Louisville Bicycle Club

Louisville Bicycle Club Newsletter -- September-October 1996

River Crossings

by Duc M. Do

The cloudy sky and spitting rain finally stopped and the sun even peeked out from behind the clouds as we pulled into the first convenient store in Rock Falls, Illinois. It was a rare cool day in July as a strong front was moving through the area, but our spirits were soaring with the clearing sky as we rode across yet another river today. We had crossed the Mississippi earlier this morning, and now the Rock River that runs between Sterling and Rock Falls.

It was the second day of our eight-day ride across the American heartland, across the soybean and corn fields of Illinois and Indiana. Paula and I had started on the bank of the Mississippi River in Guttenberg, Iowa, and had ridden south along the river through Dubuque and Bellevue, Iowa. It was in Bellevue where we temporarily put our cross-country trip on hold in 1991 to start a family. Five years and a couple of kids later, we were now on our second leg of that epic trip, this time riding from one river to another: the Mississippi to the Ohio.

Contrary to popular belief, Iowa is not flat, and nowhere is this more so than along the bluffs area in the northeast corner of the state. Instead of running parallel to the Mississippi, the bluffs are cut through by the river, so in following the river, as we did, one must climb up and descend from the bluffs repeatedly. I counted eight climbs that we did that first day, each was at least a mile long and climbed up the 500-foot bluffs. The vista was spectacular, but the riding was difficult, made even harder as we were hauling about 60 pounds of gears on the tandem.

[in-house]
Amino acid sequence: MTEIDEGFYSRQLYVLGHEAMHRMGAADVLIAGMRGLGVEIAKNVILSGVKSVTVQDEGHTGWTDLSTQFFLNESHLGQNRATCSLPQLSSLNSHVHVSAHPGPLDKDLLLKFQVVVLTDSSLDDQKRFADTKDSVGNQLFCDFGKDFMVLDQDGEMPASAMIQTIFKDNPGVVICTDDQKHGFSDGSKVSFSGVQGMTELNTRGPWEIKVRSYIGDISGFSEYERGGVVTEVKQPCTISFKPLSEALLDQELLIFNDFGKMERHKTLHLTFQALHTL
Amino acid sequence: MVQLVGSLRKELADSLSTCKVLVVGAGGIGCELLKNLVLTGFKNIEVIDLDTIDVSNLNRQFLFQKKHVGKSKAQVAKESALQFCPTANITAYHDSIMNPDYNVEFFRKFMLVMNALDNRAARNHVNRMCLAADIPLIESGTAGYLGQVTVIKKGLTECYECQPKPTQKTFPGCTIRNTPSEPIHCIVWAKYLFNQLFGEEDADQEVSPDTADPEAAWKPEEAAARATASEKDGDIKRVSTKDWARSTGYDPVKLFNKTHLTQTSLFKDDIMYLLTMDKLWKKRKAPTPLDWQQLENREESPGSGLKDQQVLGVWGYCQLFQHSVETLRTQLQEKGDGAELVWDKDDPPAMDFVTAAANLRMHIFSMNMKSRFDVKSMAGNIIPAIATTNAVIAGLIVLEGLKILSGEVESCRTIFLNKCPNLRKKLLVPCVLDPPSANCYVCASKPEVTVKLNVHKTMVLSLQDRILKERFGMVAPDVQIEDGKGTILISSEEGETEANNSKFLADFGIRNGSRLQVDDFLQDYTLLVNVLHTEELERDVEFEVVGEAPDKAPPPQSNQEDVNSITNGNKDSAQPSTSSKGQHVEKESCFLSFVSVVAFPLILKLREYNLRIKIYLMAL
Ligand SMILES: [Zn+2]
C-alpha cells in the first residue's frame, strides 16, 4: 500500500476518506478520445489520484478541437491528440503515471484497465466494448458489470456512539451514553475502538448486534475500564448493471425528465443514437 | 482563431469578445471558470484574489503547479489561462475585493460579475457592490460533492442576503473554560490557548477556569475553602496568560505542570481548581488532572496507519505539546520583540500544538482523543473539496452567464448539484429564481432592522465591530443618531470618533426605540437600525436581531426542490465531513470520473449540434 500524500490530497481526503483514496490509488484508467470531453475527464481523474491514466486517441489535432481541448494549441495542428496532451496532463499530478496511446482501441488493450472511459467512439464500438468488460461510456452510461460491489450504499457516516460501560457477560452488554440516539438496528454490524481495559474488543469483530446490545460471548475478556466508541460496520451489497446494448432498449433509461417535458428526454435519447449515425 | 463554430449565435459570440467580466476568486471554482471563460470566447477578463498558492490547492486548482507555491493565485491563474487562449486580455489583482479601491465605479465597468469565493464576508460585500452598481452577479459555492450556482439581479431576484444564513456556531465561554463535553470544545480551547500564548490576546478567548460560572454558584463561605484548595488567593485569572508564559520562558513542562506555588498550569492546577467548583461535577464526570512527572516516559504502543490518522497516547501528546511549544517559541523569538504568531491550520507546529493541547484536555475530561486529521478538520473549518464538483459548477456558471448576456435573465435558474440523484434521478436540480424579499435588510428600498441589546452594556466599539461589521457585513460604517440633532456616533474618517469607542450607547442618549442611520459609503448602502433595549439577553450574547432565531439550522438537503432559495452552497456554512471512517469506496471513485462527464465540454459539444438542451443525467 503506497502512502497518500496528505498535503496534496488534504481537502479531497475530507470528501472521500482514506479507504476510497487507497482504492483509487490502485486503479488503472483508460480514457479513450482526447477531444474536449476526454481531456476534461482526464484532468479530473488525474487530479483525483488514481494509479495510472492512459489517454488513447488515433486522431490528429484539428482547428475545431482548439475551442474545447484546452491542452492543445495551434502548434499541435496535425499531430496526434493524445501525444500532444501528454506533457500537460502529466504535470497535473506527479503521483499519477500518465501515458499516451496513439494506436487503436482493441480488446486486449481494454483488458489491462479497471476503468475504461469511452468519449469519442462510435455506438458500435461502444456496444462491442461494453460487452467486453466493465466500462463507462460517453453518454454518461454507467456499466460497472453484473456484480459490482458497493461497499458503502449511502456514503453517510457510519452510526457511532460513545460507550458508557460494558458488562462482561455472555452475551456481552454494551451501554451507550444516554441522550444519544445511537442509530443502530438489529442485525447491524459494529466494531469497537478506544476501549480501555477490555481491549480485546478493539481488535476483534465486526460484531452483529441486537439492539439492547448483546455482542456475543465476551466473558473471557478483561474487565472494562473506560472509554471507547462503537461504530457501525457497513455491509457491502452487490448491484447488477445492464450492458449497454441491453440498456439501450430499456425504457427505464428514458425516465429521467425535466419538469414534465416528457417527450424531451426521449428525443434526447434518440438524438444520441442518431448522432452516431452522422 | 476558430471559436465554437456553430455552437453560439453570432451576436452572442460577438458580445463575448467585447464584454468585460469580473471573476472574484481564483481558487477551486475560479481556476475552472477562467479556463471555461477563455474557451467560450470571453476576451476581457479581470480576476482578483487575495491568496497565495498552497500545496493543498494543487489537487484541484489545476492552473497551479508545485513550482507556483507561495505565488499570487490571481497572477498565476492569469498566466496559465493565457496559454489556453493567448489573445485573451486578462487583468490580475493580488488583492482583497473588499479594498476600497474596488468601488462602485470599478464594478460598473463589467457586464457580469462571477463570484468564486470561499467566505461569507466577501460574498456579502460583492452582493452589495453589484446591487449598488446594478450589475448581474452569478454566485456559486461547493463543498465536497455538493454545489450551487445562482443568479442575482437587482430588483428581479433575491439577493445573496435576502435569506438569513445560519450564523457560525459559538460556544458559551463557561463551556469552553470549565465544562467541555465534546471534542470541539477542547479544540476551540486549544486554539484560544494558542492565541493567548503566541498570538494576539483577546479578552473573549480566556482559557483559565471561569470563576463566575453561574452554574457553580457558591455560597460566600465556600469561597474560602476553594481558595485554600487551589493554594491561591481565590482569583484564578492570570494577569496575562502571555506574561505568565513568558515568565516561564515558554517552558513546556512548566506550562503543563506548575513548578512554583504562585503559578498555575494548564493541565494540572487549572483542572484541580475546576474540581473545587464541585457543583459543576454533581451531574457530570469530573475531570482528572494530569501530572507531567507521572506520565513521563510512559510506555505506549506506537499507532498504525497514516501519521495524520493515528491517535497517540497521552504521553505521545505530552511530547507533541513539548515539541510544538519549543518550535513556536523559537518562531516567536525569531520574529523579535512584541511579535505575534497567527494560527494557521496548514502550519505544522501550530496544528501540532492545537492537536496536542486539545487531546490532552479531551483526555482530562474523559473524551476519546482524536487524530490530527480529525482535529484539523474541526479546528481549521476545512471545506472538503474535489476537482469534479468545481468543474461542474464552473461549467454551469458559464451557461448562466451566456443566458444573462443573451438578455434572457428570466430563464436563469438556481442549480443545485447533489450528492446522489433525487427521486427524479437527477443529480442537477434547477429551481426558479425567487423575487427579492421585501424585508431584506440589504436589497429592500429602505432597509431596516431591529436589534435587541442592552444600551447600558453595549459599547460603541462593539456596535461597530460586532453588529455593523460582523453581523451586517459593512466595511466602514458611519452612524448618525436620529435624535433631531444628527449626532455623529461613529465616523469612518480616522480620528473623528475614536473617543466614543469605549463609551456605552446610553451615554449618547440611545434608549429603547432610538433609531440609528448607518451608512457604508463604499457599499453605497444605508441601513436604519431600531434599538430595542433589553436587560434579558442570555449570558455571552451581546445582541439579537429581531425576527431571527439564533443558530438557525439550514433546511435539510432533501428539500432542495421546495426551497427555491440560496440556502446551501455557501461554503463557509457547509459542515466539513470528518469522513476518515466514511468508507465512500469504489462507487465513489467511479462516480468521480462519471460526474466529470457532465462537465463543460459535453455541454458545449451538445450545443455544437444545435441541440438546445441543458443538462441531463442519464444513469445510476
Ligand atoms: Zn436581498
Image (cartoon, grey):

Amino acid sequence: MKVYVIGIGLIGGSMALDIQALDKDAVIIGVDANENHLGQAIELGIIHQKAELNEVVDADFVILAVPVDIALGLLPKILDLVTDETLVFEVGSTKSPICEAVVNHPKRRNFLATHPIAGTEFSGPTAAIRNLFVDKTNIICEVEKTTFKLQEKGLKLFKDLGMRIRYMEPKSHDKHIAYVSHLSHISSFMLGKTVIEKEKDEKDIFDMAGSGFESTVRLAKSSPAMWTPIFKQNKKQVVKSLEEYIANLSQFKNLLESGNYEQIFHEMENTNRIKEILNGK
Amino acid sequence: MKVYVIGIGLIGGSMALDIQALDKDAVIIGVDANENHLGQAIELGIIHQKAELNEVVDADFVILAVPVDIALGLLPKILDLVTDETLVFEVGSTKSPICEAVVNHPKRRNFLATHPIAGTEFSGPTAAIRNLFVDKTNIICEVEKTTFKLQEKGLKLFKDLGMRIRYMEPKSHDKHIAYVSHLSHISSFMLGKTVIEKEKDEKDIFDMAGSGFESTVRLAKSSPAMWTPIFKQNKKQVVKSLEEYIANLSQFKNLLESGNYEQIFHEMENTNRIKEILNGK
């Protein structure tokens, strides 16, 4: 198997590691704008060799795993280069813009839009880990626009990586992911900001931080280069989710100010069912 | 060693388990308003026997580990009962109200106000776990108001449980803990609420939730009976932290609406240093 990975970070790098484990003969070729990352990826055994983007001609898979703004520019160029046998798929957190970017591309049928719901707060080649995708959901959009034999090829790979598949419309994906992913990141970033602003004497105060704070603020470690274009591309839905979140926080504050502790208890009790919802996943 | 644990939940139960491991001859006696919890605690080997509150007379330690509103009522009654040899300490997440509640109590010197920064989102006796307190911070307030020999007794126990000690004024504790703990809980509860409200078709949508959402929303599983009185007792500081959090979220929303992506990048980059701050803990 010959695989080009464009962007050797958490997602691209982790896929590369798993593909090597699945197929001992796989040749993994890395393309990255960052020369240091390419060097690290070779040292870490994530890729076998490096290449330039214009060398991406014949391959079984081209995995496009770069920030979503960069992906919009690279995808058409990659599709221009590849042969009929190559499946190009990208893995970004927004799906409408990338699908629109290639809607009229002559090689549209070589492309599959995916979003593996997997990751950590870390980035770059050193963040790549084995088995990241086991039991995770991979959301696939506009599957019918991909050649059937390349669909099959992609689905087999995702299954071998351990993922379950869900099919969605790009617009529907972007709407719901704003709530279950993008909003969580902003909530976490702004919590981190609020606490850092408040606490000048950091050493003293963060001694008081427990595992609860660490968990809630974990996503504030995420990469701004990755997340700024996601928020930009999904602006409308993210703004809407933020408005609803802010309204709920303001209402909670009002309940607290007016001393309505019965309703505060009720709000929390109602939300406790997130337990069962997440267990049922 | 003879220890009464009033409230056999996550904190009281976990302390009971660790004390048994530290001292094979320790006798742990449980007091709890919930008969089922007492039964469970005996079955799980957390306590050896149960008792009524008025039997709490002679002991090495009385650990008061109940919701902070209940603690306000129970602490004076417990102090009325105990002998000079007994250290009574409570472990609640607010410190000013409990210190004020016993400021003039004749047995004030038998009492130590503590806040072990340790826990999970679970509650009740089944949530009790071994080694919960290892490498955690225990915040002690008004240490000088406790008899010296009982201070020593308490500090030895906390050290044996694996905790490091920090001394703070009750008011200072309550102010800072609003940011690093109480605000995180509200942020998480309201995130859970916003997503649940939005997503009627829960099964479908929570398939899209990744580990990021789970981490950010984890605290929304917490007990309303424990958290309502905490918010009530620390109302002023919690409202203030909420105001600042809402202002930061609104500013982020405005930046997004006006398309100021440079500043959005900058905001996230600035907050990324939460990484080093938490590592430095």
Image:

As much as the mountain passes define the riding in the Rockies and Appalachian mountains, cycling in the heartland is defined by the river crossings. As more and more roads are upgraded to accommodate automobile traffic—usually turning a road into a limited-access highway, thus off-limit to cyclists—there are less river crossings suitable for the touring cyclists, one has to choose one's route carefully with regards to how to cross the major rivers.

From Iowa, we crossed the Mississippi River north of Clinton to Savanna, Ill, and thankfully the terrain flattens out quickly to the gently undulating plains of central Illinois. There was a rare summer flood on the Rock River in northern Illinois where we crossed it at Rock Falls, the result of heavy rain in the Chicago area the weekend before. By the time we got to the Illinois River at Henry, the flood had crested, but the river was still out of its banks. Aside from the few hills in the Illinois River valley, central Illinois is FLAT. However, the riding was not entirely easy, as we had to contend with a steady southwest wind all the way across the state. Without any hills to block the wind, the head-high corn fields provided a measure of psychological relief from the wind—and I started to detest the soybean fields.

The Wabash River marked the southern boundary between Illinois and Indiana, and its watershed gave us some of the steepest climbs of the whole trip. Not overly long climbs as in Iowa, but plenty steep. We hit 50 mph on a short downhill going toward Silverville, Ind, west of Bedford. However, the most memorable river crossing of the trip was the Williams covered bridge on the East Fork of the White River. It's one of the longer spans left in Indiana, at about 250 feet across.

Crossing the Ohio River into Louisville on the Clark bridge was unlike any other time we crossed this bridge. It marked the end of another great trip; it also meant we're home. The elation I felt as I came into my hometown was canceled out by the realization that this great trip was about to end.

“I wish I'd done something like that when I was younger,” said the man in the little cafe in the river town of Henry, Illinois, with a hint of regret. We had stopped in the restaurant for lunch and a little rest after a hard morning's ride against a mostly headwind. After asking the usual questions about our trip, where we came from, where we're going, and such, he allowed how he should have done more travelling when he was still younger and physically able. His words stuck with me the rest of the trip. With every river crossed on our continuing trip eastward across the continent, I feel there's one less regret that I'll have to look back upon when I reach his age.

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Copyright ©1996 Louisville Wheelmen

last updated: 31 August 1996
by Duc M. Do